Divide and Conquer: The Story of Roger Ailes explores the life of Fox News founder Roger Ailes while tackling the sexual harassment that brought him down.
“It’s easy to make somebody into a monster. It’s hard to see that you’re on that path, too.”
The above are the words that we first hear as soon as the film documentary starts. What’s most surprising is that they come out of the mouth of former Fox News personality Glenn Beck. I’ll get to more on Beck later on.
Roger Ailes was one of the most powerful men to ever work in media. In the years prior to starting up Fox News, Ailes was one of the top GOP media operatives. This turnabout in his career came after a stint producing The Mike Douglas Show. But the sexual harassment that eventually brought down his career wasn’t limited to Fox News. No, it was going on during his time while working for Douglas.
The 1960s would prove to be a pivotal time for Ailes. If Richard Nixon had never appeared as a guest on the show, who knows what the country would look like. This is because the two of them had an off-camera discussion that would change Republican politics–and the country–forever. Their conversation paved the way for Ailes to become a media consultant for Nixon’s 1968 campaign for president. If you recall, the televised presidential debates were not kind to Nixon in 1960. With Ailes working the campaign, Nixon wouldn’t make the same mistakes.
Over the years, Ailes would help a number of GOP candidates on their campaigns. This even includes the late George H.W. Bush in his run for president. We see the Willie Horton ad in its entirety. This was the advertisement that would forever change politics. It’s the ad that introduced negative campaigning as we know it today.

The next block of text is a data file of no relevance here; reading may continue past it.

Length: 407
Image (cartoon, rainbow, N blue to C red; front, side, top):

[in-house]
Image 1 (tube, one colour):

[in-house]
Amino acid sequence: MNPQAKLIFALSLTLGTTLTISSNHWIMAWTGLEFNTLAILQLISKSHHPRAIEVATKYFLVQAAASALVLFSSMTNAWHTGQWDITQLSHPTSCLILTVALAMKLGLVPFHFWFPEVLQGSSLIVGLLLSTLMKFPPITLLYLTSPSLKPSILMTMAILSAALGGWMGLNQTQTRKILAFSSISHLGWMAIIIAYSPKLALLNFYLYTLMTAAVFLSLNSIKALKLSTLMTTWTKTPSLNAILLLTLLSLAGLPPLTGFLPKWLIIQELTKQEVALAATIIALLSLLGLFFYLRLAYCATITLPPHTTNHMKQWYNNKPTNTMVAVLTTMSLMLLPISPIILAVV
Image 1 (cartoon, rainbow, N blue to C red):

“Bush was a real gentleman but I don’t think he understood the down and dirty,” Diane Donati says of the late president.
It’s a known fact that the culture at Fox News was terrible for women. Director Alexis Bloom makes sure to spotlight this. But once the hammer falls down on Ailes and the lawsuits started up, Bloom captures the drama. This includes the publicists–Warren Cooper and Karen Kessler of Evergreen PR–hired to represent Ailes. The film marks the first time they speak out especially because they did not sign an NDA. What they had to say was pretty damning in that they had no responsibility. Everything would go through Fox’s own PR. Kessler is quoted as saying that Irena Briganti was “intensely focused on getting as many of the highest profile, and frankly, best looking, women on Fox to say that indeed he was not a harasser.” She was able to find 22 women in one day.
Through interviews with women who worked at Fox News and others who knew Ailes, Bloom is really able to capture who he is as a man in Divide and Conquer. During an interview with Glenn Beck, Beck talks of the times he visited Ailes in his office. The man found him to be intimidating especially when Ailes suggests that people might have something on him. When Beck tells Ailes he’s leaving Fox, their conversation gets to a point in which the mogul says he “still has a president to pick.” This alone speaks to the dangers of Fox News. It speaks to the fear and manipulation in their programming.
Roger Ailes helped to make political coverage in the news what it is today but his flaws were what brought him down. What Divide and Conquer: The Story of Roger Ailes does is place these darker parts of Ailes’ life in full display for the public.
DIRECTOR: Alexis Bloom
FEATURING: Terry Azur, Glenn Beck, Adasa Blanco, Kellie Boyle, Pat Buchanan, Marsha Callahan, Warren Cooper, Alisyn Camerota, E. Jean Caroll, John Cook, Lidia Curanaj, Bo Dietl, Diane Donati, Babette Bombshell, Sarah Ellison, Karen Kessler
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